Ann Blyth’s Wedding Day
Now if you happen to be reading this on the last Saturday of this month of June it’ll be the moment that Ann Blyth, wearing the wedding dress she dreamed she would, is kneeling before the marriage altar with the boy she prayed she would. At St. Charles, in the San Fernando Valley in California, Ann is becoming the bride of Dr. James V. McNulty. And if you asked her anything about anything else she’d tell you it didn’t matter.
“Ann,” she can only think to herself, “you are marrying in the church of your devotion to the man of your devotion.” And it is true. For though this dark-haired, 24-year-old Irish girl has walked in high places she has been known always for her yearning for simple happiness. She did pray to her St. Anne that there would be someone someday like the tall, young doctor at her side; quietly strong yet gentle like him, and with a ready smile and an understanding way. And she is not above telling you, “My prayers were answered.”
To every girl belongs such a moment as is now taking place at St. Charles—and this is Ann’s to remember forever; solemn with the song of the mass, festive with the flowers and further music, and then, with dear friends and relatives looking on the fateful hush of the ceremony itself.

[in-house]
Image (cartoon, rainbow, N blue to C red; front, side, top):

Yet it is a moment shared by others; not only do those who fill the church know why they have come, those who crowd the street outside for a glimpse of the bride know why they wait. They are caught by a fairy story. Ann Blyth’s folks had no riches when she was born. Hers was a childhood of big city nonentity, of bread and milk in the kitchen, ordinary schooling and, seemingly, limited opportunity. But she had riches to give; in beauty of form and beauty of manner as an actress. And here is the magic that touches this wedding—in this country a colleen can become a queen!
None in the church doubts it when she comes down the aisle on the arm of her Uncle Pat Tobin. She seems to move in the white aura of her veil of diaphanous illusion tulle which is as long as the train of her gown of mousseline de soie over white satin. On her head is Chantilly lace, a bonnet embroidered with pearls. Those whom she passes by closely note the tight bodice of the gown, the long sleeves, and that she carries a rosary and a bouquet of lilies of the valley. If they look at her eyes they know that her soul has risen into them and shines through, luminous with tears and love.
Behind her is her court of bridesmaids and by their names you can recognize some of these, too, as princesses; not hereditary, but risen as Ann in their own personal right through democracy’s processes and public adulation: Marjorie Zimmer, Jeanne Crain, Joan Leslie, Betty Lynn, Jane Withers, Alice Krasiva. The bouffant gown of each is in a lovely shade of blue with matching slippers. Their bodices are also tight with taffeta cumberbunds, their sleeves short but arms covered with long, white gloves. Hach wears a large blue picture hat with taffeta streamers; each carries a little muff of delphiniums. Each has lived close to the bride, has thrilled to her joy, has given showers and helped her plan for the future.